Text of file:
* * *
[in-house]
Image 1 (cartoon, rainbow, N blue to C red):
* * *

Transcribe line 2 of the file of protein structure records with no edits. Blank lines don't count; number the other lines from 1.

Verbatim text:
Image 1 (cartoon, rainbow, N blue to C red):